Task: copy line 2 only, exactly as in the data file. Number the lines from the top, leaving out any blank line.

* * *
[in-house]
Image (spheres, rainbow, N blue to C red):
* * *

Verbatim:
Image (spheres, rainbow, N blue to C red):